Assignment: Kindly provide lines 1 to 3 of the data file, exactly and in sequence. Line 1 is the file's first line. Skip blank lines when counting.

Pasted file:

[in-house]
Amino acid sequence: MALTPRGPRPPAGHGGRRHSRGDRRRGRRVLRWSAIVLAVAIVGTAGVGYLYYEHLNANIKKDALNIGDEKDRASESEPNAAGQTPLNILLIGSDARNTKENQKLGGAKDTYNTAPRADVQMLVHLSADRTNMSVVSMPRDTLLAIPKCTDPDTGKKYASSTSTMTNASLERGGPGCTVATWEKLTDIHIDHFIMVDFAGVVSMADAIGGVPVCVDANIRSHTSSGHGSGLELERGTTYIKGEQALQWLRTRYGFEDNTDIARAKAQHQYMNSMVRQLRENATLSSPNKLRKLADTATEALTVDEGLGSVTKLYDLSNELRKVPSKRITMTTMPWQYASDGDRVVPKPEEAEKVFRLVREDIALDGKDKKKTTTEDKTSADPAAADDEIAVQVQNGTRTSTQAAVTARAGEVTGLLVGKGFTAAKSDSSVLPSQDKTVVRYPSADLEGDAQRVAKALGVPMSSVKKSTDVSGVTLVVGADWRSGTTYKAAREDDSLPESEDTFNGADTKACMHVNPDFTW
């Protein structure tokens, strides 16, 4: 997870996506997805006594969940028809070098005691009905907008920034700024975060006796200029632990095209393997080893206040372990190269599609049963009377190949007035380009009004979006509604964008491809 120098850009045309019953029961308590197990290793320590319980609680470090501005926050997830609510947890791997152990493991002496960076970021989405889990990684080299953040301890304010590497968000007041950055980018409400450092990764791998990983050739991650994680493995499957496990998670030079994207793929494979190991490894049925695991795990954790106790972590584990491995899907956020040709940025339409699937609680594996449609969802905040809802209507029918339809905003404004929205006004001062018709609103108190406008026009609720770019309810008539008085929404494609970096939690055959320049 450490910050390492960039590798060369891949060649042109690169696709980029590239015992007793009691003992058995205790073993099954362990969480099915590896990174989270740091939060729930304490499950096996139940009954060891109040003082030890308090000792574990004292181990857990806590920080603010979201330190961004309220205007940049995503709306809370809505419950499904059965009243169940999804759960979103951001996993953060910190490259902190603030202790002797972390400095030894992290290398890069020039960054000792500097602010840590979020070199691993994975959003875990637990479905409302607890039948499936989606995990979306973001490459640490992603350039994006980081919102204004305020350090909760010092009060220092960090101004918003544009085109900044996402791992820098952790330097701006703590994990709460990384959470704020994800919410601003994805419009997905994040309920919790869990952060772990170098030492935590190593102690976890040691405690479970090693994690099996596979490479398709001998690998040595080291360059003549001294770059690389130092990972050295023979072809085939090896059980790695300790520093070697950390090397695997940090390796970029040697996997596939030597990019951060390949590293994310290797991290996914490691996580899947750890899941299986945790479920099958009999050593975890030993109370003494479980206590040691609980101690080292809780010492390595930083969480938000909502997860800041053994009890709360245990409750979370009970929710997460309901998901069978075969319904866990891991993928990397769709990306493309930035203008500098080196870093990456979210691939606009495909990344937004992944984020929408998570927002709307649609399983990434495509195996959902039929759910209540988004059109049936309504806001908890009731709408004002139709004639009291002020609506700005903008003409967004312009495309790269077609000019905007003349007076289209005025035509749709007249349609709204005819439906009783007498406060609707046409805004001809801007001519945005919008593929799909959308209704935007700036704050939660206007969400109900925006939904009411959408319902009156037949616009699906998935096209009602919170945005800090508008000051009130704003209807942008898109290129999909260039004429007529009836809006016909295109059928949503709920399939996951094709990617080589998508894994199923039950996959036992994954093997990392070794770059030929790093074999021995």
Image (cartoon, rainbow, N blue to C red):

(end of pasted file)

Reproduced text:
[in-house]
Amino acid sequence: MALTPRGPRPPAGHGGRRHSRGDRRRGRRVLRWSAIVLAVAIVGTAGVGYLYYEHLNANIKKDALNIGDEKDRASESEPNAAGQTPLNILLIGSDARNTKENQKLGGAKDTYNTAPRADVQMLVHLSADRTNMSVVSMPRDTLLAIPKCTDPDTGKKYASSTSTMTNASLERGGPGCTVATWEKLTDIHIDHFIMVDFAGVVSMADAIGGVPVCVDANIRSHTSSGHGSGLELERGTTYIKGEQALQWLRTRYGFEDNTDIARAKAQHQYMNSMVRQLRENATLSSPNKLRKLADTATEALTVDEGLGSVTKLYDLSNELRKVPSKRITMTTMPWQYASDGDRVVPKPEEAEKVFRLVREDIALDGKDKKKTTTEDKTSADPAAADDEIAVQVQNGTRTSTQAAVTARAGEVTGLLVGKGFTAAKSDSSVLPSQDKTVVRYPSADLEGDAQRVAKALGVPMSSVKKSTDVSGVTLVVGADWRSGTTYKAAREDDSLPESEDTFNGADTKACMHVNPDFTW
């Protein structure tokens, strides 16, 4: 997870996506997805006594969940028809070098005691009905907008920034700024975060006796200029632990095209393997080893206040372990190269599609049963009377190949007035380009009004979006509604964008491809 120098850009045309019953029961308590197990290793320590319980609680470090501005926050997830609510947890791997152990493991002496960076970021989405889990990684080299953040301890304010590497968000007041950055980018409400450092990764791998990983050739991650994680493995499957496990998670030079994207793929494979190991490894049925695991795990954790106790972590584990491995899907956020040709940025339409699937609680594996449609969802905040809802209507029918339809905003404004929205006004001062018709609103108190406008026009609720770019309810008539008085929404494609970096939690055959320049 450490910050390492960039590798060369891949060649042109690169696709980029590239015992007793009691003992058995205790073993099954362990969480099915590896990174989270740091939060729930304490499950096996139940009954060891109040003082030890308090000792574990004292181990857990806590920080603010979201330190961004309220205007940049995503709306809370809505419950499904059965009243169940999804759960979103951001996993953060910190490259902190603030202790002797972390400095030894992290290398890069020039960054000792500097602010840590979020070199691993994975959003875990637990479905409302607890039948499936989606995990979306973001490459640490992603350039994006980081919102204004305020350090909760010092009060220092960090101004918003544009085109900044996402791992820098952790330097701006703590994990709460990384959470704020994800919410601003994805419009997905994040309920919790869990952060772990170098030492935590190593102690976890040691405690479970090693994690099996596979490479398709001998690998040595080291360059003549001294770059690389130092990972050295023979072809085939090896059980790695300790520093070697950390090397695997940090390796970029040697996997596939030597990019951060390949590293994310290797991290996914490691996580899947750890899941299986945790479920099958009999050593975890030993109370003494479980206590040691609980101690080292809780010492390595930083969480938000909502997860800041053994009890709360245990409750979370009970929710997460309901998901069978075969319904866990891991993928990397769709990306493309930035203008500098080196870093990456979210691939606009495909990344937004992944984020929408998570927002709307649609399983990434495509195996959902039929759910209540988004059109049936309504806001908890009731709408004002139709004639009291002020609506700005903008003409967004312009495309790269077609000019905007003349007076289209005025035509749709007249349609709204005819439906009783007498406060609707046409805004001809801007001519945005919008593929799909959308209704935007700036704050939660206007969400109900925006939904009411959408319902009156037949616009699906998935096209009602919170945005800090508008000051009130704003209807942008898109290129999909260039004429007529009836809006016909295109059928949503709920399939996951094709990617080589998508894994199923039950996959036992994954093997990392070794770059030929790093074999021995």